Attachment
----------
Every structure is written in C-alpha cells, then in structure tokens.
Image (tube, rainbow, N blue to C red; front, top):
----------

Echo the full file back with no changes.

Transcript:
Every structure is written in C-alpha cells, then in structure tokens.
Image (tube, rainbow, N blue to C red; front, top):